This single piece of advice from Eckhart Tolle’s masterpiece The Power of Now was the first truly enlightened moment in my life.
The realization that the voice inside my head is not me changed the relationship I had with myself.
In Zen Mind, Beginner’s Mind, Shunryu Suzuki uses an example of the mind like a wild horse that is more easily controlled as less pressure is applied to it. And this was sincerely the first steps into what’s become a more available contentment and happiness. Which was pretty impressive considering my history of unhappiness and anger.
As the years have gone by my relationship to You Are Not Your Thoughts has only grown deeper. It’s the first piece of advice I give to people struggling with their internal happenings, and it’s the motto I repeat to myself if I ever start to feel overwhelmed.
This has become especially important for my meditation practice. Vipassana and Advaita Vedanta practice requires examining one’s own thoughts and either noting them (vipassana) or asking who’s they are, and who is this “I” that feels them (enquiry/advaita vedanta).
As I sit there is a stream of “who feels this? Who knows this? When am I?” in response to whatever thought arises.
Yet, lately while sitting I’m finding myself asking, “who asks this question?” At first it seemed like a normal part of enquiry practice, until recently, when upon asking the question “who asks?”, the questions stopped. Not only did the questions stop, but so did any types of thoughts.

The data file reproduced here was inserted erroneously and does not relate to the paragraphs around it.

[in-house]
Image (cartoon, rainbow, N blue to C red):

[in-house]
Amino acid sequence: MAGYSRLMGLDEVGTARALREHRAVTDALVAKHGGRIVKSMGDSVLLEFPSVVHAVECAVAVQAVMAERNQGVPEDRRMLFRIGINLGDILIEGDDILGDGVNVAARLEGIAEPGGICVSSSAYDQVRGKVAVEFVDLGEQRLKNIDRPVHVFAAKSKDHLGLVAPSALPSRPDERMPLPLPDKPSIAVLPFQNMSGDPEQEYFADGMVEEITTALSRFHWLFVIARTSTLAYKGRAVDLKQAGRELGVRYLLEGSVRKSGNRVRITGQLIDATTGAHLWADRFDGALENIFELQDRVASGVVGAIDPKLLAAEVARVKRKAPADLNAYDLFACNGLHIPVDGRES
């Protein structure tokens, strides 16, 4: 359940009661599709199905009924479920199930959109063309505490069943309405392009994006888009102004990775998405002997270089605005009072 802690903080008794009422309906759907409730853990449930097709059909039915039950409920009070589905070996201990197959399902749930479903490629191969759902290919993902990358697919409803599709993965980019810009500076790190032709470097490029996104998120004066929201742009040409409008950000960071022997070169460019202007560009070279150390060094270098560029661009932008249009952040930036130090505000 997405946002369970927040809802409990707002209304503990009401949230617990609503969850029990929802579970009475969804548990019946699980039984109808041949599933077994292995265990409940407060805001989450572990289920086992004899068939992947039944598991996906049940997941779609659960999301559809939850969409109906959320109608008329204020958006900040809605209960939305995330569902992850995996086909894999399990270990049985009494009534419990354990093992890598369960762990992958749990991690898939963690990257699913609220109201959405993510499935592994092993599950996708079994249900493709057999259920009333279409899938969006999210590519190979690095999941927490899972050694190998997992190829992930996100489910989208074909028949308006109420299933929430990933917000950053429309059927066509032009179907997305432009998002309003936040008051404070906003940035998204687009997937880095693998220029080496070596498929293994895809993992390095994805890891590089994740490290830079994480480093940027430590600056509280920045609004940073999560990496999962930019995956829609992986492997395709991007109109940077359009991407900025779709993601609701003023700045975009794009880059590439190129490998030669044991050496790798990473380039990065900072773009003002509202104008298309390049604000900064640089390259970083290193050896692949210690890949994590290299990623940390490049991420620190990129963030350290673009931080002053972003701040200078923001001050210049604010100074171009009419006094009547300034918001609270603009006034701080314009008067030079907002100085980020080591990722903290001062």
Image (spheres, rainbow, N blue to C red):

I sat in my skin enjoying the sensation, and a sense of accomplishment. This is why I’ve been spending so much time meditating, right?
But as I sat in the void, the silence was overcome by a great deal of anxiety. What if the thoughts wouldn’t come back? I really like my thoughts. I like my imagination, and the ridiculous theories I come up with.
Then, with force I would make the thoughts reappear. It would take a surprising amount of effort to have them reappear, but would be relieved they weren’t gone forever.
And this was the game I’ve been playing with myself for the last few weeks. Which, obviously, made practice difficult and uncomfortable.
I was thankful, though, that I was able to find my thoughts again. And was even finding an odd pleasure in realizing that I could stop and start them at will.
Then, sitting in the back of my head was Tolle’s advice:
You Are Not Your Thoughts
The sneaky devil had found his way into yet another epiphany.
This game that was happening inside was not mine that I was playing but a game that my brain was playing with itself right in front of me, tricking me into a sense of ownership of the actions.
But, like all great teachers my mind was showing me a lie that I had so fully bought into, I was using it over and over to reaffirm a delusional thought.
The thoughts: “I” sit to meditate, and “I” ask myself questions, and “I” decide what to have concentration on – are all a delusion.
I do not meditate. I do not ask questions. I do not stop thoughts.
None of it is mine because I am witnessing it happen – and the object cannot be the perceiver.
The feeling of ownership is delusion. As Tony Parsons says, “it’s just happening.”